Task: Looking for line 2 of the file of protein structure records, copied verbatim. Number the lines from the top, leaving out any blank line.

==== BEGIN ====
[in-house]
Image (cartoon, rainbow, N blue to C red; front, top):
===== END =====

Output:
Image (cartoon, rainbow, N blue to C red; front, top):